Franklin

Afrobarometer [electronic resource] Round I Survey of South Africa, July-August 2000 Robert Mattes, Yul Derek Davids, Cherrel Africa

Edition:
ICPSR Version, 2005-12-15.
Publication:
Ann Arbor, Mich. Inter-university Consortium for Political and Social Research [distributor] 2004.
Series:
ICPSR (Series) 3934.
Afrobarometer Survey Series (Series) 3934.
ICPSR 3934
Afrobarometer Survey Series 3934
Format/Description:
Datafile
1 online resource.
System Details:
Mode of access: World Wide Web.
Summary:
This survey is part of a series of studies designed to assess attitudes about democracy, markets, and civil society in African nations, and to track the evolution of such attitudes in those nations over time. This particular survey was concerned with the attitudes and opinions of the citizens of South Africa. Respondents were asked to rate South African President Mbeki and his administrations' overall performance and to state the most important issue facing the nation. Opinions were gathered on the role of the government in improving the economy, whether corruption existed in local and national government, whether government officials were responsive to problems of the general population, and whether local government officials, the police, the courts, the overall criminal justice system, the South African Defense Force, the media, the Independent Electoral Commission, and the South African Broadcasting Corporation could be trusted. Respondents were polled on their knowledge of government officials, their level of personal involvement in political, governmental, and community affairs, the inclusiveness of the government, and what their reactions would be to executive branch-sponsored government-imposed restrictions or prohibitions on the media, the judicial system, and parliament. Economic questions addressed the past, present, and future of the country's and the respondent's economic condition, whether great income disparities are fair, and whether encouraging people to start small businesses would create more jobs. Societal questions addressed how much trust could be placed in others, whether it is wise to plan ahead, whether everyone should be responsible for themselves and their own success or failure, what characteristics respondents used to identify themselves, whether it was easy to obtain assistance with securing food, water, schooling, and medical services, an... Cf.: http://dx.doi.org/10.3886/ICPSR03934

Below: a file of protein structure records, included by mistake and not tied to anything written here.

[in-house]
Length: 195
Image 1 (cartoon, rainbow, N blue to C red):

Contents:
Part 1: Data File
Notes:
Title from ICPSR DDI metadata of 2006-09-15.
Start: 2000-07; and end: 2000-08.
Contributor:
Mattes, Robert
Davids, Yul Derek
Africa, Cherrel
Inter-university Consortium for Political and Social Research.
OCLC:
61155913
Access Restriction:
Restricted for use by site license.
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